Also, it seems worth noting that many of the film’s events feel slightly contrived for the sake of tidy storytelling. I’m not a huge Queen fan (I casually enjoy their hits as much as the next man), but even I knew that certain events depicted in the film were told slightly out-of-order, and even events that seemed chronologically accurate still possessed an air of convolution, which raised suspicion when they should’ve raised spirits.
It’s not a good sign when you’re watching a biopic and every 10-15 minutes, you find yourself thinking, “I find it hard to believe it happened quite like that.” After enough instances, it comes off as intentionally dishonest storytelling, which defuses some of the magic, and frankly, goes against the raw purity of the band’s legacy.
The film’s direction and cinematography share similar sentiments — glossy and uninspired, with few big risks taken visually, and a general lack of effort to stretch in finding new ways to deliver old tropes.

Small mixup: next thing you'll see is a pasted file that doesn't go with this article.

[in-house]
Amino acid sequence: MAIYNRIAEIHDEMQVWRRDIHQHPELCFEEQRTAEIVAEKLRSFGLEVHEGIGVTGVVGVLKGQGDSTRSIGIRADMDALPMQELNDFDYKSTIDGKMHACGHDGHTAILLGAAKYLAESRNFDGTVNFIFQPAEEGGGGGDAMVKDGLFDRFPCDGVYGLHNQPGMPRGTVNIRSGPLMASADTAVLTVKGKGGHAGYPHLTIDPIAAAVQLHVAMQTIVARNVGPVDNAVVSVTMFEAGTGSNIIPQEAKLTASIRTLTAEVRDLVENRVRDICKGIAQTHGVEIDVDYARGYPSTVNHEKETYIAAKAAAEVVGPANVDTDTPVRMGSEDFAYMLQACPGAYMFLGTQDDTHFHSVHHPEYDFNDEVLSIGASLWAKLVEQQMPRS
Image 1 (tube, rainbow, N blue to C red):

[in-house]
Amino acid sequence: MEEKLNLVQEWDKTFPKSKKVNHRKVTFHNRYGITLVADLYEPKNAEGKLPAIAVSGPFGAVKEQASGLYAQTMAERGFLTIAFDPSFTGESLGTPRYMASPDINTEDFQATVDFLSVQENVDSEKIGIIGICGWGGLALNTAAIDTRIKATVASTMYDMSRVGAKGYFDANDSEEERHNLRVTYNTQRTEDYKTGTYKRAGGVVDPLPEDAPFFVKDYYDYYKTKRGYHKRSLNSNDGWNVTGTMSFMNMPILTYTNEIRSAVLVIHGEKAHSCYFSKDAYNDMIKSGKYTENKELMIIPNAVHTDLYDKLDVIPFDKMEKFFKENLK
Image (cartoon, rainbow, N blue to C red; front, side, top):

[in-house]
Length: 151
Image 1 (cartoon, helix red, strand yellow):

Truly, “Rhapsody’s” biggest crime as a production is that it feels like a gigantic, big-budget piece of fan fiction. The film’s events feel like they’re playing out in a way the filmmakers wished they’d gone down, and it’s disappointing having to contend with that as a viewer, considering the movie’s positive attributes.
This brings us to what works so well in “Bohemian Rhapsody,” and ultimately makes the film entirely worth seeing on the big screen — its handling of the music is perfect.
Every scene featuring the band’s music — whether it be a stadium concert, an experimental jam session, the recording of an album, or the climactic 1985 Live Aid Performance — works tremendously. Aside from the film’s title track, no Queen song is featured more than once in the film, which only attests to the eclectic, far-reaching achievement of their work.
It’s so wonderful to find yourself thinking, “Oh, yeah, this song!” or “Of course, they haven’t featured this song yet!” scene after scene after scene, even into the end credits.